One answer to merge the two ends of the spectrum is simply to define the cosmos in terms of the very small. That is, take the theory of small things and apply it to the cosmos. We then get the Wheeler–DeWitt equation.
Ĥ ψ = 0
Here, the Hamiltonian operator Ĥ meets the wave function ψ and equals 0. There is no time in this description of a static, complete, infinite universe. Only with Schrödinger’s time-dependent equation, do we find time.
iħ ∂ψ/∂t = Ĥ ψ
However, the time here is the evolution of probabilities, not a position at time, that is, it is not q(t). Therefore, Kiefer points out, ‘upon quantization spacetime vanishes in the same manner as the trajectory q(t) vanishes. But as there is no absolute time in general relativity, only space remains, and one is left with [Ĥ ψ = 0].’ This is why Julian Barbour suggests that ‘general relativity has already been quantized. That happened in 1967 when DeWitt turned the Hamiltonian and momentum constraints of general relativity into wave equations on the timeless configuration space of the Universe.’
Stuart Kauffman and Lee Smolin characterize the ‘problem of time in quantum cosmology’ we have noted as leading to ‘either (A) find an interpretation of the theory that restores a role for time, or (B) provide an interpretation according to which time is not part of a fundamental description of the world, but only reappears in an appropriate classical limit… . The most well formulated attempt of type (B), which is that of Barbour, may very well be logically consistent. But it forces one to swallow quite a radical point of view about the relationship between time and our experience.’ However, such a swallow may, I argue below, not only be necessary but may prevent another problem Smolin identifies as a ‘religious urge for transcendence’ that should not be part of science.
We have, then, a configuration space, which Barbour calls Platonia, where ‘time truly does not exist. This also applies to motion: the suggestion is that it too is pure illusion. If we could see the universe as it is, we should see that it is static. Nothing moves, nothing changes.’ In this world, ‘All we know is that the present Now is real.’ Such a philosophical stance shares with some Greek and Arabic descriptions of the world, which may assuage the counter-intuitiveness of ‘the present Now.’
No Duration over Two Moments
Ibn ʿArabi describes below the universe as it appears to the observer. He starts with two ends meeting to make a circle, making a circumference. The circumference points to a centerpoint. Lines go from the centerpoint to the circumference. Each line from the centerpoint ends in a point in the circumference. Then, the centerpoint continues until it ends in the circumference and becomes the centerpoint of another circumference, ‘half interior to the first circumference and half exterior, making the principle of outward and inward’. And then,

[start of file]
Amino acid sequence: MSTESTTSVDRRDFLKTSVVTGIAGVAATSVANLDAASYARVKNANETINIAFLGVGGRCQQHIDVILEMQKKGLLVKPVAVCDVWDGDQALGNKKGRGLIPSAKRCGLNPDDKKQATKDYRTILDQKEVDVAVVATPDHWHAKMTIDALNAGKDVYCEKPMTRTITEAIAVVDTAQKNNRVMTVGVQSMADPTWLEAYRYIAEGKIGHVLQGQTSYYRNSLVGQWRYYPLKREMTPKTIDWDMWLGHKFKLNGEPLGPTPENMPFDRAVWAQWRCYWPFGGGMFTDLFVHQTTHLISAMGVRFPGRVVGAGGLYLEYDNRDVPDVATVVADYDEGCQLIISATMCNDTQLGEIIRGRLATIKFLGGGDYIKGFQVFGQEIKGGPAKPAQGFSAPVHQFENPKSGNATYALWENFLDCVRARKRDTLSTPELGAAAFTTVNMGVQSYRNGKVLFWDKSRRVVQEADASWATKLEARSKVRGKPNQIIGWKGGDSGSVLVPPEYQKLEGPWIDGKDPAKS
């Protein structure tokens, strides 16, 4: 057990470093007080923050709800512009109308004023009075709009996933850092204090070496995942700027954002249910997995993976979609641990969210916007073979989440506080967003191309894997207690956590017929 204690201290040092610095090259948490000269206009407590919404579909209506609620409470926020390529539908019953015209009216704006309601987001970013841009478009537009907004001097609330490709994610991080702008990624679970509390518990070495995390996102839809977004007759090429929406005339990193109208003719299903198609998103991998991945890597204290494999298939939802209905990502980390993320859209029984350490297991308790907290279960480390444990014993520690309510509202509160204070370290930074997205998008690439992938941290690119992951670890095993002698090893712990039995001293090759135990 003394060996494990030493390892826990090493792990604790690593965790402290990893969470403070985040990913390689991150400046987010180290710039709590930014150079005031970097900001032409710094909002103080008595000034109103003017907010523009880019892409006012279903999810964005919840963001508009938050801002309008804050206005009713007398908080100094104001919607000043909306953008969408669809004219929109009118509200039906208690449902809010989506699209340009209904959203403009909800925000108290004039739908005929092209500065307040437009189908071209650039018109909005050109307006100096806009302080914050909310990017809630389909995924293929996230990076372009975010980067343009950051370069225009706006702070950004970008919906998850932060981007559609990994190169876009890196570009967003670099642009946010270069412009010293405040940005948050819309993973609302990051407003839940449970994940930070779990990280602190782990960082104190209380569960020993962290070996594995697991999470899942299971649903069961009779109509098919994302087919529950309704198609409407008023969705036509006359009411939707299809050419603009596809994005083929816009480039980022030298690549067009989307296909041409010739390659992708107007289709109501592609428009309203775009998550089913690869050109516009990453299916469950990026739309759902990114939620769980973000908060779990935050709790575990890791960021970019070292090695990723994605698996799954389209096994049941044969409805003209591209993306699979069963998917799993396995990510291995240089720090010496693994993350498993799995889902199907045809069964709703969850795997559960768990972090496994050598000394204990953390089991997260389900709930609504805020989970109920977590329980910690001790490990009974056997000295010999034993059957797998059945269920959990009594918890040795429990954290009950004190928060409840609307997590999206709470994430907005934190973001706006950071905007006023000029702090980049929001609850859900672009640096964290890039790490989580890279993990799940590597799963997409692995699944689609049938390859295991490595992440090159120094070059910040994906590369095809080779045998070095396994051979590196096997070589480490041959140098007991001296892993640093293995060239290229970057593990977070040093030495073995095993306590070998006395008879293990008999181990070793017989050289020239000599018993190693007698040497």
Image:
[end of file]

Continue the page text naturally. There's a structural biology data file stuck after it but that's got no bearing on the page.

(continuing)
The two ends meet as they did for the first circumference, until it takes on its [first] shape, because it is impossible that it go out in other than its shape. Then there occurs to the circumference what occurred in the first circumference, and so on until infinity. It is what protrudes from these treasure troves which themselves have no end to what they contain. It is the new creation which existence is in always, forever. Some people, or most people, are in confusion about that, just as He said, ‘Rather, they are in confusion about the new creation’ [Q. 50:15] with every [divine] breath, but in the shape we mentioned.
Then, as the circles continue with each breath, ‘the first circle which originated these circles becomes hidden, unrecognized, unperceived, because each circle approximating it or far-fetched from it has its shape.’ To visualize this, we start with a circle, which expands to create a pair of linked circles. The linked circles appear as a new circle, hiding the previous circles underneath it, and so on.
From this, we see that Ibn ʿArabi accepts the feeling, the phenomenology, of time without saying that there is in fact an absolute time. His ultimate argument is that time, as he says,
is an illusory thing, non-existent. Because of this, God attributes it universally to Himself, in His words, God is to everything All-knowing [Q. 33:40] and To God belongs the matter, before and after [Q. 30:4], and in the Sunna, the petitioner’s phrase is confirmed, Where was our Lord before He created His creation? If Time were an existent thing itself, God would not be truly removed from limitation, as the force of Time would limit Him. So we understand that this phrasing has over it no existent matter.
Here Ibn ʿArabi addresses the perception of time. He considers the concept with the Philosophers, who define time by comparing it to many different matters. He notes that they are using the idea that time is the piece cut out of the movement of the orbits. He then says that ‘the theologians define it in comparison with other matters: it is the simultaneity of one event compared to another for which one may ask, When?’ These are all faulty, and he falls back on the fact that
the ʿArab defines it as and means by it the night-time and the daytime, and it is our definition in this context. The night-time and the daytime are divisions of the [24-hour] day. From the rising of the sun to its setting is called daytime, and from the setting of the sun to its rising is called night-time; this divisible entity is called a day. This day makes the existence of the great movement visible. There is not in existence itself anything but the existence of the moved, nothing else; nor is the movement time itself; the upshot of this is that time is an illusory matter with no reality.